The Holy City

“I John saw the Holy City, New Jerusalem, coming down from God out of heaven, prepared as a bride adorned for her husband.” —Revelation 21:2

JOHN’S vision of the Holy City completes a long chain of prophetic testimony concerning the kingdom of God, in which reestablished divine control over the affairs of men is symbolized by a ‘city’. In Hebrews 11:10 the Apostle Paul tells us that Abraham looked for a city “whose builder and maker is God.” Throughout the Book of Psalms, as well as elsewhere in the Old Testament, much is said about this city of God. As an inspiration to followers of Jesus, Paul wrote, “Ye are come unto Mount Zion, and unto the city of the living God, the heavenly Jerusalem.”—Heb. 12:22

The Apostle John records in considerable detail what he saw in his vision of this promised city of God. In two of the recorded items we have irrefutable proof that it is a symbolic, not a literal city. One of these is its size. He explained that the “length and the breadth and the height of it are equal.” (Rev. 21:16) The measurement, he said, is “twelve thousand furlongs.”

Twelve thousand furlongs are said to equal fifteen hundred miles. Of course a city fifteen hundred miles square could be located on any one of several of the earth’s continents, but when the apostle tells us that the height is equal to the length and breadth, we realize that he is not discussing a literal city. We have no doubt that the Lord does not want us to think that the New Jerusalem will be a literal city, which will tower fifteen hundred miles above the earth!

Then there is the angel’s identification of this city as “the bride, the Lamb’s wife.” (Rev. 21:9,10) Obviously the bride of Christ is not a city of literal buildings, with a wall, etc. The bride of Christ is a beautiful picture of the true church, those of whom the apostle wrote, saying, “I have espoused you to one husband, that I may present you as a chaste virgin to Christ.”—II Cor. 11:2

The Holy City will not be the first ‘city’ to rule over the nations of the earth. Rather, the angel who gave John the vision had previously shown him another city, which also was said to be a woman—not a legitimate bride, however, but a harlot. (Rev. 17:1,2,4,5,18) This woman’s name was Babylon, and the angel explained concerning her that she was “that great city, which reigneth over the kings of the earth.”

By almost common consent of students of the Bible, this harlot woman, who also is identified as “that great city,” was the apostate church. Her harlotry consisted of her illicit union with the kings of earth in the church-state counterfeit of Christ’s kingdom—Christendom, whose reign spanned the centuries of the Dark Ages. The true church of Christ throughout the Gospel Age has been a ‘chaste virgin’, espoused to Christ, and waiting for the return of her Lord that she might be united with him in marriage, and reign with him in the genuine kingdom of promise.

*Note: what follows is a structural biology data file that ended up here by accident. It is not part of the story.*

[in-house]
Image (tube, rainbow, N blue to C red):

The church which became apostate did not wait for her heavenly Bridegroom. Instead, she fell from her purity, as had been foretold, and joined hands with the kings of the earth. (II Thess. 2:3) Her union with civil governments constituted a counterfeit of Christ’s kingdom, and it was this false system of iniquity which the prophecies described as Antichrist, or the Man of Sin. The angel showed John, in vision, this woman described as the great city, also revealing her overthrow and destruction. He described the fall of the city to be like that of a great millstone cast into the sea [the discontented and demanding masses of mankind], and which “shall be found no more at all.” (Rev. 18:21) And this is exactly what we see happening before our very eyes! There is a constant and growing demand for the people to have input into what is taught by religion. There is an increasing effort by the common man to bring religion down to the level of everyday life and make it relevant and fitting for the standards of today, rather than to be subject to the lofty and far-away dictates of a hierarchy. The millstone is cast into the sea!

It is following these events that the “marriage of the Lamb” is depicted, and the bride, the Lamb’s wife, is then shown to constitute another city which yet will rule over the nations of the earth. (Rev. 19:7; 21:9,24) It seems evident, therefore, that just as the great city is the false kingdom of God, so the Holy City which takes it place is the true kingdom of God; that is, it will be the medium through which genuine divine control over the affairs of men will operate.

One of the Old Testament prophecies of the Holy City, the New Jerusalem, is that of Isaiah 65:17-19. In this promise, the typical use of the idea of a city is combined with that of the ‘heavens’ and ‘earth’. God promised to create “new heavens and a new earth,” and then added, “but be ye glad and rejoice forever in that which I create: for, behold, I create Jerusalem a rejoicing, and her people a joy.” It is obvious from these words that Jerusalem and the new heavens and new earth are symbols of one and the same thing, which the Lord here promised to create.